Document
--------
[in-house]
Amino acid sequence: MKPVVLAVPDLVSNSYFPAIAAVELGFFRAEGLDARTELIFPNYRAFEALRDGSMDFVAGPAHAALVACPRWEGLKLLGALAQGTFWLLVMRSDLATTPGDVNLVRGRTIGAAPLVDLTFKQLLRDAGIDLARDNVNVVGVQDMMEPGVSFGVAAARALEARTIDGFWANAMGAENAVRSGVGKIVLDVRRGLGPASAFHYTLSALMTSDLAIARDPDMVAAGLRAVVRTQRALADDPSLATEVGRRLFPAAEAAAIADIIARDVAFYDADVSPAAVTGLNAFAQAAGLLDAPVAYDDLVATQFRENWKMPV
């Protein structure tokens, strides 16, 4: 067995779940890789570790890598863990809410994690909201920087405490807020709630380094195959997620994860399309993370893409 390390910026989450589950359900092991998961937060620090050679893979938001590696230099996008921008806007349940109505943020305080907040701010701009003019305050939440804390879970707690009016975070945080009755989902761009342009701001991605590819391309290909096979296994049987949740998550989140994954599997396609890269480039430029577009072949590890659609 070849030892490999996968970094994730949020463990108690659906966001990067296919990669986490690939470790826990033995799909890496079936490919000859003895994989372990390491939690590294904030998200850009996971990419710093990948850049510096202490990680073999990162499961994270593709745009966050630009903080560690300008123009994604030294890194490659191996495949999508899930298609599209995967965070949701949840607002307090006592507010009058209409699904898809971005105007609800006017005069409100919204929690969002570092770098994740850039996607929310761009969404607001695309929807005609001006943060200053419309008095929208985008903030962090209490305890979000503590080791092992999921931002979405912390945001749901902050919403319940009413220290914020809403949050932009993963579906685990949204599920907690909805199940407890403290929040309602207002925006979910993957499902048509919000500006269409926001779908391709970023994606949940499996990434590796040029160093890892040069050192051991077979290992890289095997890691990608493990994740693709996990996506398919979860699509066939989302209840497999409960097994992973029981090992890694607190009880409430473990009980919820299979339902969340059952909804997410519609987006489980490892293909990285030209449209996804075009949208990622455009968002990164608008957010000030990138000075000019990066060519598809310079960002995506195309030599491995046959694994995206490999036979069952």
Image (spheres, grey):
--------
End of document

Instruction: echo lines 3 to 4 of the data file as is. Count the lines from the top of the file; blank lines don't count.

């Protein structure tokens, strides 16, 4: 067995779940890789570790890598863990809410994690909201920087405490807020709630380094195959997620994860399309993370893409 390390910026989450589950359900092991998961937060620090050679893979938001590696230099996008921008806007349940109505943020305080907040701010701009003019305050939440804390879970707690009016975070945080009755989902761009342009701001991605590819391309290909096979296994049987949740998550989140994954599997396609890269480039430029577009072949590890659609 070849030892490999996968970094994730949020463990108690659906966001990067296919990669986490690939470790826990033995799909890496079936490919000859003895994989372990390491939690590294904030998200850009996971990419710093990948850049510096202490990680073999990162499961994270593709745009966050630009903080560690300008123009994604030294890194490659191996495949999508899930298609599209995967965070949701949840607002307090006592507010009058209409699904898809971005105007609800006017005069409100919204929690969002570092770098994740850039996607929310761009969404607001695309929807005609001006943060200053419309008095929208985008903030962090209490305890979000503590080791092992999921931002979405912390945001749901902050919403319940009413220290914020809403949050932009993963579906685990949204599920907690909805199940407890403290929040309602207002925006979910993957499902048509919000500006269409926001779908391709970023994606949940499996990434590796040029160093890892040069050192051991077979290992890289095997890691990608493990994740693709996990996506398919979860699509066939989302209840497999409960097994992973029981090992890694607190009880409430473990009980919820299979339902969340059952909804997410519609987006489980490892293909990285030209449209996804075009949208990622455009968002990164608008957010000030990138000075000019990066060519598809310079960002995506195309030599491995046959694994995206490999036979069952």
Image (spheres, grey):